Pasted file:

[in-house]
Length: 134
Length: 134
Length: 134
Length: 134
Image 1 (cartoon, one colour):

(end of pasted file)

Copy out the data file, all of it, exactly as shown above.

[in-house]
Length: 134
Length: 134
Length: 134
Length: 134
Image 1 (cartoon, one colour):